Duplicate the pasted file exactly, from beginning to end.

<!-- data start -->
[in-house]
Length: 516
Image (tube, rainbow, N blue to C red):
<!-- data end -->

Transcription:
[in-house]
Length: 516
Image (tube, rainbow, N blue to C red):